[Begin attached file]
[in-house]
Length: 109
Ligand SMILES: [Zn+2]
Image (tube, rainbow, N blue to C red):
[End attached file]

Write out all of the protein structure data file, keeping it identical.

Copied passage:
[in-house]
Length: 109
Ligand SMILES: [Zn+2]
Image (tube, rainbow, N blue to C red):